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Waters associated with the carbonation of ultramafic mine tailings, woodsreef asbestos mine, Australia

Oskierski, H.C.ORCID: 0000-0003-0733-6538, Dlugogorski, B.Z. and Jacobsen, G. (2015) Waters associated with the carbonation of ultramafic mine tailings, woodsreef asbestos mine, Australia. In: 5th International Conference on Accelerated Carbonation for Environmental and Material Engineering, 21 - 24 June 2015, New York, USA p. 222.


The Woodsreef Asbestos Deposit, New South Wales, Australia, is a chrysotile mineralisation hosted in the ultramafic rocks of the Great Serpentinite Belt, predominantly consisting of schistose and massive serpentinite, as well as partially serpentinised harzburgite. Chrysotile has been extracted from the deposit intermittently between 1906 and 1983, producing 24.2 Mt of ultramafic tailings. The tailings result from dry-grinding of chrysotile ore and are stored above ground on an area covering about 0.5 km2.

Extensive carbonate crusts have formed on the tailings pile since the closure of the mine. Natural weathering dissolves Mg-silicate minerals present in the tailings and precipitates Mg-carbonate minerals in the form of crusts and cements. Isotopic signatures of the carbonate minerals (δ13C, δ18O, F14C) indicate that carbonate crusts consisting of hydromagnesite predominantly incorporate CO2 of atmospheric origin. Estimation of the carbonate content has shown that large amounts of CO2 have been sequestered in the tailings at Woodsreef at rates significantly elevated above the background CO2 uptake rate by chemical weathering of coherent silicate rocks. There is potential to further enhance the rates of CO2 sequestration by optimizing the tailings storage for this purpose. Natural weathering of ultramafic tailings thus represents a viable option for low-energy, low-cost sequestration of CO2, directly from the atmosphere.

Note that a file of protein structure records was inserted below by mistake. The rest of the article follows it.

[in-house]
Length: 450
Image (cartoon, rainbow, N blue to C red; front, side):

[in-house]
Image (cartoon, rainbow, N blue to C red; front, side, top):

Since the carbonation of mine tailings during weathering occurs in the aqueous phase additional information on the process can be unlocked by investigating the chemistry and isotopic composition of waters interacting with the tailings. The isotopic composition of these waters also represents an intermediate step in the pathway of the sequestered carbon and can thus serves to better constrain isotopic fractionation during formation of hydrated Mg-carbonates in these settings.

In this contribution we consider the chemistry and isotopic signatures of natural waters that are associated with the carbonation of the tailings of the Woodsreef Asbestos Mine. Measurements of pH, T, conductivity, cation content, δ2H, δ13CDIC, δ18O and F14C of water samples are presented and used to discuss the interaction of these waters with the tailings material

Item Type: Conference Paper
Murdoch Affiliation(s): School of Engineering and Information Technology
Publisher: AIChE
Copyright: © 2015 The Authors
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